Corporate philanthropy is not a rare phenomenon in Pakistan; with many multinational companies donating generously to not for profit organizations for various worthy social causes. As beneficial as that may seem, philanthropy may sometimes be counterproductive. As the proverb goes ‘You give a poor man a fish, you feed him for a day. You teach him how to fish and you give him an occupation that will feed him for a lifetime’. Whilst monetary donations have been known to impact tremendously, it is equally important, if not more, to actively engage individuals in community building programmes through volunteering activities.
For this reason, there is a need to create a culture of corporate volunteerism, rather than corporate philanthropy, in the Pakistani society. As its name suggests, this is the practice of utilizing the corporation’s skilled human resources to bring about socio-economic uplift. Corporate volunteers have proved to be an asset, considering their power to bring about a positive change, with only a minimal utilization of their effort and skillset.
With this aim in mind, the National Volunteer Programme (NVP), Coca‑Cola’s sponsored project, has undertaken the task of assigning individuals from various corporate organizations to not-for-profit organizations that require their particular skills and capabilities. In just over a year since its inception, the NVP now has more than a 1000 registered volunteers from corporate organizations, universities, and the general public. The project has proved to be highly successful and a much needed platform considering the number of individuals that continue to volunteer even after their volunteer term has ended.
Barkha Aslam, a volunteer with NVP who works at the Consulate General Republic of Indonesia in Karachi and recently volunteered as a Mentor for The Citizens Foundation Rahbar Programme, states that ‘There is absolutely nothing as great as making a positive change in someone's life. I was touched by the warm hearts and big dreams of the kids at TCF. I'm glad and thankful to NVP for giving me this chance to give back to the world in a meaningful way’.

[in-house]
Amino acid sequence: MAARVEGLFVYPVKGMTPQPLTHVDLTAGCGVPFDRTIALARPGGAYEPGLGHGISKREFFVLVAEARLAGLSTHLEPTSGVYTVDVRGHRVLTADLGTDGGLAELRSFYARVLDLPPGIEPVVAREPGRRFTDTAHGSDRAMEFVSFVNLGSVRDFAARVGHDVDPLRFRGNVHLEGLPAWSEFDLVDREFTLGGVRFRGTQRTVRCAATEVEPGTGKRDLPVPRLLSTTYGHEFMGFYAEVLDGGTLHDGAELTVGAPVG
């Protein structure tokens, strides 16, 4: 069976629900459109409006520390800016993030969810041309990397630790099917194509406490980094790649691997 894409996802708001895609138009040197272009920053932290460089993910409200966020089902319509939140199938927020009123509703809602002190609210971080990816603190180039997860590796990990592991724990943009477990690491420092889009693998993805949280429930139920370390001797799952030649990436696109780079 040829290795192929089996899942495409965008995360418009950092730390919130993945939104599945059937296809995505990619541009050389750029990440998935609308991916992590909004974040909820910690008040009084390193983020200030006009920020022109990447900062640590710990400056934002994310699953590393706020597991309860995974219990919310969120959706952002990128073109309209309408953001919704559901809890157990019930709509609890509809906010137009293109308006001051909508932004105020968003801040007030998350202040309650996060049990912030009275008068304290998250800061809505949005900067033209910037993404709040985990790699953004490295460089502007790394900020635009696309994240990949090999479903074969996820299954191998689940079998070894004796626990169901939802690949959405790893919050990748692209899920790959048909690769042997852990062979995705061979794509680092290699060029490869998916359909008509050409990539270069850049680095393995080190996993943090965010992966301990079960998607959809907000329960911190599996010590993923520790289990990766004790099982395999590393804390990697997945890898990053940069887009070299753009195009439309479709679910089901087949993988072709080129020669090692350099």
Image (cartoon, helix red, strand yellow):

Many NVP volunteers come from various professional backgrounds, possessing a spectrum of skills and abilities that are useful for the beneficiary institutions. However, it is not only the institutions that benefit but also the skilled volunteers themselves who gain from this exchange. Through this mutually beneficial arrangement, corporate volunteers are able to broaden their own experience whilst working in a completely diverse environment. It’s a chance for them to amplify their own professional careers by tapping into their hidden talents and showcasing their expertise. NVP volunteer, Fida Muhammad, Assistant Manager at K-Electric and volunteering as a Lecturer at Injaz Pakistan claims ‘Through this platform, not only did I help underprivileged students to learn more about becoming entrepreneurs, but I was able to teach them everything I learnt in my professional life. It was a truly rewarding experience and I will continue to volunteer even after I finish my term at NVP’.
From a corporate social responsibility (CSR) perspective, corporate volunteerism also adds great value to the company. The strategic implementation of CSR initiatives as such heightens company visibility, builds international relations and accelerates business growth to a great extent. Not only does it improve the company image and reputation in the public-eye, but also augments employee morale whilst simultaneously improving employee retention and their work performance.
Many corporate organizations are embracing this CSR initiative, realizing that the only way forward is to become active corporate citizens where all stakeholders can benefit. The National Volunteer Programme is steadily transforming the way volunteerism is perceived in Pakistan, and even though the concept of corporate volunteerism has only recently been introduced, there’s no denying its potential in the country.